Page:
The BIG MEME Experiment

Paul Marsden (
Fri, 8 Jan 1999 15:19:14 -0000

From: "Paul Marsden" <>
To: "memetics" <>
Subject: The BIG MEME Experiment
Date: Fri, 8 Jan 1999 15:19:14 -0000

The BBC (British Broadcasting Corporation in the UK) as part of a science
awareness campaign, are interested in memetics. A programme researcher has
just contacted me asking if memeticists could design an experiment to test a
memetic hypothesis as part of their Mega Lab experiment. Basically the deal
is this, the country can be split into two, and exposed or presented with
different information/stimuli, through both national radio and press, and a
hypothesis is tested. Respondents can telephone in to a free phone number
with any feed back, or perhaps participate in an automated experiment.

The results of the experiment have to be interesting and relevant to
viewers/readers, (it all comes down to ratings...) and show how a memetic
stance can be useful framework for understanding/explaining/predicting human
behaviour, as well as presenting memetics in an interesting and accessible
manner. It also has to be relatively simple to set up. I have to put the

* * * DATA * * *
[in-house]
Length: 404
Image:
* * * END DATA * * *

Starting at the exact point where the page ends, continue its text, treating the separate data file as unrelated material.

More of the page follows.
proposal in by next Tuesday. This is a fantastic opportunity for
memeticists - any ideas?

>Your chance to help create Tomorrow's World
>In March 1999 Tomorrow's World, together with the Daily Telegraph will be
>turning Britain into a huge laboratory for the world's largest
>mass-participation experiments, to be broadcast in an hour-long live
>Megalab '99 on BBC1 on Wednesday 17th March.
>But we need your ideas to make it work.
>It's a unique opportunity to test out your theories and carry out
>experiments with a massive sample of tens of thousands of people.
>The experiments can be psychological, environmental, astronomical - any
>field of science. The important thing is that the whole nation can phone in
>and take part. (If it helps your experiment we can even split the nation in
>two and show them two different things without them knowing.)
>If appropriate we can also use the Daily Telegraph and/or BBC Radio to
>experiments in advance of the day.

Experiments that ran last year during Megalab '98 included:
THE TURING TEST: Computer or human - can you tell them apart?
FACIAL FEEDBACK: When you smile, do you feel better?
THE MUZAK EXPERIMENT: Does the music in the supermarket change the way you
THE BOOMERANG CHALLENGE: Can you build a world record beating boomerang?

Paul Marsden
Graduate Research Centre in the Social Sciences
University of Sussex
tel/fax (44) (0) 117 974 1279

Journal of Memetics - Evolutionary Models of Information Transmission:

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